There exists currently a great variability in Europe in the use of blood and blood products in comparable clinical situations. Adequate documentation of both the process and the outcome is often lacking. Thus current clinical practice fails to satisfy the criteria necessary to ensure quality in use of blood and blood products, which may be defined as the administration of the right quantity of the right blood at the right time to the right patient. Studies carried out by the Council of Europe and other bodies have shown that consumption of erythrocytes, fresh frozen plasma, and other blood products and plasma derivatives, varies within Europe. One reason for this state of affairs is that we lack adequate scientific data on the need for blood and plasma products, as well as on their consumption, in different clinical settings. Thus it is difficult to establish standards for the optimal use of blood resources and for consumption versus availability and production. Furthermore, there is a paucity of information about the use of alternatives to haemotherapy in Europe - with the exception of the preoperative deposit of autologous blood - while medical and surgical means and preventive strategies to reduce blood loss are not fully established. More controlled clinical trials are needed whose results may be assimilated and interpreted by meta-analysis.
2.2 The framework
The decision to transfuse blood is made by the individual clinician or the clinical team responsible for the care of the patient. Their action should be taken within the framework provided by:
1. the existence of clear national policy and guidelines on the use of blood and blood products at the country level;
2. the supervision and support provided by national, regional or local hospital blood transfusion committees responsible for implementing and reviewing the policy and its actual operation;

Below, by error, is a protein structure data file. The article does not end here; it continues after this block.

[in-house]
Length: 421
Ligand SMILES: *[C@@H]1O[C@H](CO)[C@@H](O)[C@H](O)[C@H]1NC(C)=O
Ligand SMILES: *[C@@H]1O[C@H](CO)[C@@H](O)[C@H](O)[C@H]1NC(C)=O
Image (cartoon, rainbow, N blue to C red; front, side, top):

3. The availability of alternatives to transfusion, to contribute to minimising the need for transfusion.
4. appropriate training of all clinical and blood service staff;
5. monitoring and evaluation of the country guidelines in the context of a quality assurance system to secure safe and adequate supplies of blood and blood products from the blood services and their effective use by the clinicians.
3. Policy on the clinical use of blood and blood products at the country level
Working within the framework and the strategy of existing country blood programmes, a policy for clinical transfusion medicine should be developed at the country level. The key elements are as follows:
1. optimal use of blood and blood products at country and local level;
2. use of blood and blood products to treat patients only when the clinician’s duty of care to his or her patient demands it, taking into account the balance of benefits and risks of transfusion for each patient. Requiring the patient’s informed consent may increase the responsibility and awareness of both the clinician and the patient;
3. promotion and availability of intravenous replacement fluids, pharmaceuticals and devices to minimize the need for transfusion;
4. establishment of a suitable mechanism for ensuring the local application of existing guidelines for clinical use of blood and blood products, including implementing total quality procedures (covering pre-transfusion, transfusion and clinical surveillance), haemovigilance at all stages of blood transfusion and monitoring and evaluation of the clinical use of blood and blood products. Systematic data collection and analysis should be performed at local and national level;
5. commitment to continuing education in efficient clinical use of blood and blood products and application of the guidelines for all staff involved in the transfusion process;